Last weekend I watched The Botany of Desire. In this PBS documentary I streamed off Netflix, Micheal Pollan (the foodie hero who brought us The Omnivore’s Dilemma, a book also called The Botany of Desire, and the documentary Food, Inc.) examines the natural history of the spread of four plants: apples, tulips, potatoes, and marijuana, but with a twist– he tells the story from the plants’ point of view.
Man, I love stuff like that. By switching the perspective, Pollan is able to show how each of these plants has manipulated humans into propagating it far and wide throughout the world. For example, apples are indigenous to the mountains of Kazakhstan and potatoes to Peru, but now both can be found pretty much everywhere. And wait ’til you watch the section about marijuana, a plant that has managed to get many humans to raise it better than their own children.
I thought it might be interesting to take Pollan’s trick, but rather than apply it to plants, apply it to ideas. Get all anthromorphic and consider how ideas get us to spread them.
There are tons of people out there looking at how ideas spread, probably most famously/recently Malcolm Gladwell in The Tipping Point. But what if, for a second, we take the perspective that the ideas might be using us the same way flowers use bees.
Early in human history, ideas weren’t particularly good at getting us to do their bidding. Heck, the idea for inventing paper first showed up in Egypt over 5000 years ago, and it couldn’t even get humans to take it one continent away to Asia. The idea for inventing paper appeared in China independently about 3500 years after it appeared in Egypt, according to what Wikipedia tells me.
I just finished reading the new book Free by Chris Anderson, which I read on my sweet new Kindle for the low, low price of… you guessed it… free (the Kindle edition was free for the first month, but you missed it, $9.95 now).
For those of you who aren’t familiar, Chris Anderson has been with Wired Magazine since 2001, and is currently the Wired Editor in Chief (a fact that I copied directly from Wikipedia, something he has also been accused of doing).
I’d consider Chris a member of the pantheon of Folks Who Can Decently Explain What the Heck Is Happening On This Planet Right Now, alongside Thomas Friedman, Malcolm Gladwell, and Michael Pollan, among others.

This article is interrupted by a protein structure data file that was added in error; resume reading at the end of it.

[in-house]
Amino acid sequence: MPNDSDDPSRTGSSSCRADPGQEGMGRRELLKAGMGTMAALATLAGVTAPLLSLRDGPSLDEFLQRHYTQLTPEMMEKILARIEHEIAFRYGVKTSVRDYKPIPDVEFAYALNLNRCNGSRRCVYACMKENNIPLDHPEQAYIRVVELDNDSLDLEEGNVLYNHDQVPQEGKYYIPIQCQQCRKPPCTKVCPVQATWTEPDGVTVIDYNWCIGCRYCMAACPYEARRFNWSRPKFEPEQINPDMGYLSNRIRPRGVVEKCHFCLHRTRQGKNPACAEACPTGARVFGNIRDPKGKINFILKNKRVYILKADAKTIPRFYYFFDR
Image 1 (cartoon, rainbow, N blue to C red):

However, I have only recently forgiven Chris for his long tail concept that unleashed hordes of marketing droids blathering on for hours about the long tail of this and the long tail of that a few years back. I’m not saying he wasn’t right, it was a great book. But, dude, you have no idea what you put us through. Torture.
Here is my attempt to paraphrase the 300 pages of Free in two sentences:
The price of digital content is moving quickly toward free. So stop bitching about it and figure out a business model that allows you to make a decent living anyway.
It’s a brilliant book. And I’m not just saying that because I work for a company that figured out a way to build a profitable business model that plays well with free. As I was reading, I kept thinking how eloquently Chris was stating complex concepts that I’ve been living with at Red Hat for years, but had never been able to articulate (he even mentions us in the book three times, score!).
I also kept thinking what another great truthteller named Bob Dylan once said: “You don’t need a weatherman to know which way the way the wind blows.”
Or maybe you do. Turns out there are a lot of people out there who passionately disagree with Chris Anderson about the conclusions he draws in this book that I found rather obvious.